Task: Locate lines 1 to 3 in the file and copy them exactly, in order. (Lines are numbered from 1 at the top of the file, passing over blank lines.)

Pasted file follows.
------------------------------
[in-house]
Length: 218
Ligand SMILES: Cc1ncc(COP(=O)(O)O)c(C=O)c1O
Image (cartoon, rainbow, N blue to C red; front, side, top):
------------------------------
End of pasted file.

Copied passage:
[in-house]
Length: 218
Ligand SMILES: Cc1ncc(COP(=O)(O)O)c(C=O)c1O